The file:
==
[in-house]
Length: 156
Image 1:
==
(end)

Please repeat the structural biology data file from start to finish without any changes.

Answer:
[in-house]
Length: 156
Image 1: